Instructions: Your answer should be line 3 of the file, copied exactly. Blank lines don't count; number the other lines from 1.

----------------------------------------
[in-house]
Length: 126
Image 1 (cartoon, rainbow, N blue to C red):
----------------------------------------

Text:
Image 1 (cartoon, rainbow, N blue to C red):